Friday afternoon, Steve was done driving his Old Fart Party Bus about 2 p.m. So he figured it was a perfectly good time to start working on swapping out the garage doors. The weather was beautiful at the time, but it was due to storm and rain a few hours later, about supper time. I was a little concerned that maybe we would be partially done taking down the old door and not getting up the new one before the storms hit.
Steve wasn't worried about it at all.
He gathered all of the tools needed to do the job and by 2:30 we were ready to start. Here is the old door in place. I took photos so I could list it later on Craigslist and the local Facebook buy sell trade pages to sell it when we were done dismantling it.
We started out at the top, of course, where Steve undid the tension in the top springs by carefully using two rods. Then we were able to start unhooking all of the hinges and rollers and taking the door down one panel at a time.
I was the Gopher Gal, as well as the Nut Retriever when he dropped them and rolled across the floor. I was the Panel Grabber as each piece came down. I could grab the opposite end so we could stack them carefully in the garage. They were VERY heavy!
Using the electric drill with a socket on the end made quick work of removing all the nuts from the inside on every hinge. I had to keep up with him and also keep an eye on the weather.
The door panels were very heavy as we took each one down. Once he reached the bottom section, he had to unhook the existing cables and adapt them for the newer door brackets. This way we could use the existing track and tension springs from the old door on the newer door and not have to change over all of that.
When we go to sell the old door, we will include all of the tracks and rollers and spring that were included in the sale when we bought the newer door.
Woohoo! We got the old door down in less than an hour!
The skies were clouding up and the storm warnings were going off on my phone.
Now I had to set down my phone to help figure out how to best put up the newer door. I forgot to pick it up to take pics while we were assembling it section-by-section. The top and bottom panels were easy to figure out, of course, because of the hardware and the bottom sweep. The two middle ones we weren't sure until we notice the stamped numbers on the hinges. Fortunately, the hinges were all marked with numbers 1 2 3 and 4 so we knew which panel went in which section. Easy Peasy!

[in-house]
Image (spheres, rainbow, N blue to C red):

Once we got it all together and screwed into place, I looked at the clock. It was only 4:30! Wowzers we got the whole new door up in just a little over an hour and all we had to do now was tension the spring on the top and adjust the cables correctly.
Once that part was done it was time to go make supper. Luckily I had some leftover minestrone soup I had tossed in the freezer, so a quick microwave zap and a pack of crackers and we were done with supper.
Now the storms rolled in big time!!! The huge one with funnel clouds went just north of us and out into Lake Michigan. Another one went south of us. People just 10 miles away had ping pong sized hail and shredded trees and cars damaged. All we got here was some rain... no wind. Whew!
Now it was time to move over the garage door opener. The old position was offset so the opener could be attached to the door at a stronger point on the frame rather than over the center window. But now with this door, no windows, we can attach the garage door opener bracket in the middle of the door--- where the bracket is set for the most balanced lifting point.
Also, we examined our original Liftmaster garage door opener which was made in 2006. It is a chain drive type which is noisier, but it has served us well. It has three remotes, which we keep one in the house near the kitchen. It allows us to operate the garage door, if we wish, from inside the house. It also has a nice switch by the passageway door that is already wired into the system, as well as the sensor eyes down at the bottom of the door for safety.
We compared it to the Chamberlain one that came with the newer door which is a screw type design, which might be nicer and quieter. But since our garage is not attached to the house that is really not an issue. Plus, the one that came with the newer door was made back in 2003.
Added to that is the idea that our original garage door opener is already wired in with the door switch and sensor eyes on the tracks. All we had to do was move it over a foot-and-a-half. Versus ripping the whole thing down and starting over installing the other opener, wires and sensors.
We decided to keep what we had and just move it over. We had that done in about half an hour and tested the door up and down a few times. We fine tuned the travel length and tension. Wheeee done!
I think it looks much better.
Now Steveio can finish insulating the garage
and add his garage heater for winter projects.